Monday, May 19, 2014

Blogging with Barth: CD 1.2 §21.2 "Freedom Under the Word: pp. 695-740

The Leitsatz (thesis statement) for §21 states: "A member of the Church claims direct, absolute and material freedom not for himself, but only for Scripture as the Word of God. But obedience to the free Word of God in Holy Scripture is subjectively conditioned by the fact that each individual who confesses his acceptance of the testimony of Scripture must be willing and prepared to undertake the responsibility for its interpretation and application. Freedom in the Church is limited as an indirect, relative and formal freedom by the freedom of Holy Scripture in which it is grounded."

We're working in section §21 ("Freedom in the Church") and in subsection §21.2 ("Freedom Under the Word"), Barth continues a discussion about the written Word in relation to the Church. He is tackling the complementary theme of the freedom of the Church and we've seen the first subsection already - the freedom of the Word - and now we'll see the second subsection: the freedom under the Word. Barth begins with an explanation of what is meant by freedom under the word:
We have seen in the previous section that the testimony of Scripture cannot be received unless the members of the Church are willing and ready, in its interpretation and application, to listen to each other. Correspondingly, we must now say that this testimony cannot be received unless those who accept it are ready and willing themselves to assume the responsibility for its interpretation and application. This readiness and willingness to make one’s own the responsibility for understanding of the Word of God is freedom under the Word (696).
Let us immediately point out a fundamental presupposition of all that follows. It will have to be borne in mind in everything that we say. We have seen already that authority under the Word, that is, the authority of the Church, is not a final and absolute court of appeal, confronting the authority of the Word with its own dignity and validity. It exists and can be considered only in proper subordination to the authority of the Word, to serve its proclamation and establishment. In exactly the same way, freedom under the Word, that is, the freedom of conscience of individual members of the Church, is not a final thing which exists in its own right and therefore without boundaries. That it is contingent is already clear from the fact that it is counterbalanced by an authority under the Word, that is, by a willingness and readiness which the reception of the witness of Scripture imposes on members of the Church to listen to each other notwithstanding their individual responsibility. But this counterpoise of human freedom and authority points beyond itself to the common origin of both without which there would be neither authority nor freedom in the Church, nor indeed any Church at all. The original basis, limitation and determination of human freedom in the Church is the freedom of the Word of God. This human freedom is, therefore, neither something which is already proper to man, nor a freedom which man assumes in reaction to the Word of God. It is an event, in which the Word of God, in the freedom of God Himself, assumes the freedom to found and maintain and govern the Church. Because this happens, and happens within a human gathering, and therefore happens to men, it results in an emancipation of these men, in their being endowed with a possibility which they did not have before and which they could not have from their own resources (697).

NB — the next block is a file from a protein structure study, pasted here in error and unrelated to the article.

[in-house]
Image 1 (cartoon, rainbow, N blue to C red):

Barth reminds us that the Word comes to us in human form, and we are in service to it, it lays claim to us corporately and individually, and it clarifies and determines us:
Our present starting-point is that at all events it has in it its foundation. God’s Word comes to man as a human word. This is the process in which it exercises its freedom, in which it founds, maintains and governs the Church. The purpose of this process consists in the arousing of men so that they become believers and witnesses, believers in God’s Word and witnesses to it. But this process cannot fulfil such a purpose except in the form of God’s Word coming to man as a human word. Just in this form it is the continuing witness to God’s revelation, i.e., to the event that God’s eternal Word became flesh for us men. It is because God’s eternal Word became flesh that there are prophets and apostles and Holy Scripture, and it comes to us in the form of a human word (699).
If we ourselves in our humanity stand at the end and goal of this process, this cannot mean only that something encounters us, that we are placed in a receptive position, that something has been decided and ordained for us. But inasmuch as all this happens, because it happens to us in our humanity, it must also and primarily mean that our self-determination, our spontaneity and our activity are engaged in the service of the Word of God. This self-determination may be limited by its creatureliness and perverted by its sinfulness, but it is the characteristic essence of the humanity by which we are distinguished from the life of nature (at least in so far as we know or presume to know the latter) (701).